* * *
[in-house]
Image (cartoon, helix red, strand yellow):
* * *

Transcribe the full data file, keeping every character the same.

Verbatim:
[in-house]
Image (cartoon, helix red, strand yellow):